Oocyte Vitrification

Oocyte Vitrification

How do you like your eggs? Well if you want to push pause on your fertility, you might like yours frozen - flash frozen that is. Oocyte vitrification is the most recent technology that has made egg freezing a viable option for many women around the world.

Up until the fall of 2012, the only way to freeze eggs was the use of cryopreservation, a method that involves freezing tissue in liquid nitrogen at -148 degrees Fahrenheit. The one drawback to cryopreservation is the increased possibility of ice crystals forming, expanding the cells and potentially causing cell death. This lowered the rate of thawing and fertilization success, making it a rarely used option for oocyte freezing.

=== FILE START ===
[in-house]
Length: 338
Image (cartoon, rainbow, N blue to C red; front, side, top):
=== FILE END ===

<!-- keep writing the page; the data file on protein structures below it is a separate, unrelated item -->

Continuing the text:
Vitrification on the other hand, flash freezes cells so there isn’t any time for ice crystals to form. The process involves the eggs being immersed in a combination of anti-freeze and sucrose (sugar), which will draw out any water. Next the oocyte is dipped in a higher concentration of anti-freeze, while being frozen instantaneously. This causes a state of suspended animation, making it possible to utilize the tissue at a later date without encountering the natural process of decay.

When it is time to thaw the frozen oocytes, they are removed from the anti-freeze solution and warmed. By avoiding any interference of ice in the cells, the success of ICSI or Intra-cytoplasmic sperm injection, where the embryologist injects a single sperm directly into the egg, is much higher than with cryopreservation. This has meant that 80-90% of eggs frozen using this process are viable, even years later.